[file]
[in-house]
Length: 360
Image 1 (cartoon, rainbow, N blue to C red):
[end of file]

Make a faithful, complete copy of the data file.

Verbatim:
[in-house]
Length: 360
Image 1 (cartoon, rainbow, N blue to C red):